Taco Bell's New Breakfast Tacos Should've Been On The Menu Years Ago

Taco Bell first launched its breakfast menu in 2014, starting with the arrival of the Waffle Taco and the A.M. Crunchwrap, which quickly became beloved staples of the chain's illustrious menu. Now, the fast food brand that helped make "Taco Tuesday" available to everyone has prepared a series of new arrivals for National Taco Day — including the return of the taco lover's pass and a brand new breakfast item.

The latest addition to the Taco Bell menu, its Toasted Breakfast Tacos, are set to make a nationwide debut on the chain's menu on October 12, offering "fluffy eggs, melted cheese and the option of bacon, sausage, or potato within a tortilla grilled to early morning perfection," per a recent press statement. The Toasted Tacos, which will be available for only $1.49 each, seem like a no-brainer for fans of the Bell, making us question why the chain hasn't been offering them for years.

Don't take these Taco Bell offerings for granted, though — the Toasted Breakfast Tacos will only be available for a limited time, with additional access granted to those who opt into the taco lover's pass early in the month. The brand plans to make an announcement regarding the state of its breakfast menu on October 17, meaning more big changes could be just around the corner.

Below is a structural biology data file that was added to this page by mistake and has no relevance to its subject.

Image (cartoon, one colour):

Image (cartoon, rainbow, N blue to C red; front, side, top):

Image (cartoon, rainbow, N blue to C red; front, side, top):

How to get the most out of Taco Bell's menu using the taco lover's pass

The taco lover's pass will be on sale for a two-day Taco Tuesday-themed event, starting on October 3 and ending on October 4. The sale allows users to purchase the pass for only $10 within the official Taco Bell app, granting them rewards for a month-long National Taco Day celebration.

The service allows users to redeem a single free item from the Taco Bell menu every day for 30 consecutive days, including a crunchy beef taco, a spicy potato taco, a Doritos Locos taco, the new Toasted Breakfast Taco, and many other menu options. In addition to offering free rewards to these subscribers, the chain also plans to give away 100 free passes to lucky fans who participate in the Tuesday drops available in the app.

This move seems to be part of a celebratory victory lap for the chain after it successfully helped liberate the phrase "Taco Tuesday" from a years-long trademark held by its competitor, Taco John's. This trademark prevented any business or brand from utilizing the expression without permission from the Wyoming-based chain. Now that the taco terminology is free for everyone, Taco Bell has made a point to emphasize Tuesday drops as a means to give away gifts and prizes, all while enticing users to download and make use of its mobile app.